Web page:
As we look to the future of cybersecurity, we must consider the recent past and understand what the pandemic has taught us about our security needs.
Many cybersecurity platforms proved inadequate when a large percentage of the world’s workforce abruptly shifted to remote work in the Spring of 2020. Companies found themselves fighting against the limitations of their own cybersecurity platforms.
Yesterday’s Cybersecurity Approach Is Inadequate Against Today’s Threats
Modern systems enhanced with self-learning AI capabilities have fared best in the face of the pandemic’s impact on networking.
For others, immediate, manual interventions were the only thing standing between enterprise security and the bad actors who had been standing by waiting for a global event of this scale.
They swooped in almost immediately, targeting governments and hospital systems, and a wide swath of commercial enterprises. Everything from ransomware to DDOS to phishing schemes ramped up right alongside the upheaval so many companies were experiencing in the early days of the pandemic.
Many inadequate systems were enhanced with some form of AI, but relied on what employees had taught them. No one could have predicted such a dramatic shift in behavior, but systems that were trained to alert on unexpected behavior like a sudden rush of remote connections floundered.
Security analysts were unable to keep up with the constant stream of false positives. Threat hunting is time-consuming for teams under typical network conditions. The pandemic exacerbated this challenge.
Bad actors had been standing by, waiting for an event that would impact thousands of global networks all at once.
Cybersecurity of the Future Will Rely on Better AI
As companies examine their security systems, the question they’ll need to answer isn’t “Should we bring AI on board,” but rather “What kind and how much AI do we need?”
A recent WhiteHat Security survey revealed that more than 70 percent of respondents cited AI-based tools as contributing to more efficiency. More than 55 percent of mundane tasks have been replaced by AI, freeing up analysts for other departmental tasks.
Still, not all enterprises or employees are excited by the prospect of bringing more AI on board, especially AI that requires less intervention. This is an understandable response — employees worry that AI will replace their jobs.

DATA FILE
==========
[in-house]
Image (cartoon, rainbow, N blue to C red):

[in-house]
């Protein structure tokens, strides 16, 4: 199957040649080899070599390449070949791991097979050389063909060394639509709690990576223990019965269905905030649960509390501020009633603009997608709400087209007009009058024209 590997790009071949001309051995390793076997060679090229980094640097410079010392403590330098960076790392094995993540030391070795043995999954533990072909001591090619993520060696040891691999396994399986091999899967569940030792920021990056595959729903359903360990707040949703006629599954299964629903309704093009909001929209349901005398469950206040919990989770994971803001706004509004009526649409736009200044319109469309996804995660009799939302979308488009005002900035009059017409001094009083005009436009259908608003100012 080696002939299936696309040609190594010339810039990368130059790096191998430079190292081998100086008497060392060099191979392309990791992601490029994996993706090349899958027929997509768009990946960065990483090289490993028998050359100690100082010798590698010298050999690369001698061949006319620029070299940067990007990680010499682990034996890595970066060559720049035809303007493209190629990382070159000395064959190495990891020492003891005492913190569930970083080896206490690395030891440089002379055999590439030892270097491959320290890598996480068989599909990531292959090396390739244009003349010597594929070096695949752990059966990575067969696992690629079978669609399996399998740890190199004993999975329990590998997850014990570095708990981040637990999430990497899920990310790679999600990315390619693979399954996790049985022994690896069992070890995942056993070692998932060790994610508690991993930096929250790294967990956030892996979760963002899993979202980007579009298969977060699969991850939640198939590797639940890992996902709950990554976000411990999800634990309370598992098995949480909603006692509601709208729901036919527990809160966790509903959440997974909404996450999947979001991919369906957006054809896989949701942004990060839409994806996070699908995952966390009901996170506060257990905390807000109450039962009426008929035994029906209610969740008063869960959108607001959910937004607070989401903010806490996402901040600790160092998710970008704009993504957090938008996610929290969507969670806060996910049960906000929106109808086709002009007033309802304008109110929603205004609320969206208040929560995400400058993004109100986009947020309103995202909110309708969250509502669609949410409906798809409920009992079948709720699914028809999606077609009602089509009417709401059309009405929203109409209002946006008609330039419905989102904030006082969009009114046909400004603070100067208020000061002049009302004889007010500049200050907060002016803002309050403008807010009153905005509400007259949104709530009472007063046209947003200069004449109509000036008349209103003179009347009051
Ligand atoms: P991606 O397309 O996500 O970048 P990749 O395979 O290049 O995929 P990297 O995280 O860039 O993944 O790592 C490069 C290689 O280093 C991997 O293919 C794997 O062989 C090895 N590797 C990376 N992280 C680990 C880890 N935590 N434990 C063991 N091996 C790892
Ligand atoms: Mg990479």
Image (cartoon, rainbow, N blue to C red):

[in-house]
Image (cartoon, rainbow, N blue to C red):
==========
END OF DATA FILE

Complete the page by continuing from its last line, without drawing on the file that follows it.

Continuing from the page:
AI Alone Isn’t the Answer
Multitalented human employees are not only part of the self-learning AI solution, they are integral. Respondents to the WhiteHat survey cited the importance of creativity and experience as critical for adequate security.
A combined approach appears to be the likeliest reliable cybersecurity approach going forward. Security teams that incorporate AI to handle mundane tasks and reduce overarching issues like false positives and focus on the human element will fare better.
Third-wave self-supervised AI platforms handle unusual network activity with more nuance. When the shift to remote work hit these networks, self-learning AI quickly reestablished a “new normal.” Instead of triggering hundreds or thousands of false positives, these systems rapidly adjusted and started looking for behavior that didn’t mean the new frame of reference.
In the meantime, security analysts could focus on shoring up vulnerabilities created by the pandemic in other ways.
Human Qualities Are Critical for Cybersecurity Success
Creative problem solving has never been as crucial for teams facing the unprecedented challenges of today. Qualities like intuition and experience-based decision-making are invaluable, and even the most advanced AI cannot replace them.
What machines can do is augment the important, nuanced work that human security professionals do. Talented security analysts waste time sifting through false positives and handling many other mundane tasks while keeping a constant eye on the network.
Tools that reduce manual interventions also reduce errors and improve employee satisfaction.
Machines will never be able to entirely replicate or take over the work security professionals do, so it’s essential for companies to look for security platforms that underscore the talents of human security analysts. Security teams that view AI as one part of a complete, multi-faceted approach will benefit the most from these improvements.
Is It Time to Evolve Your Security Approach?
Future-facing companies must evaluate their ability to weather the cybersecurity emergencies of tomorrow. Typical AI-enhanced platforms can help but are fundamentally limited. Without a complete understanding of your network’s baseline and how it can change in response to unexpected events, no security platform can detect every threat.
MixMode’s third-wave AI solution develops an accurate, evolving baseline of network behavior and then responds smartly to aberrations and unexpected network behavior.
Reach out to our client service team today to set up a demo.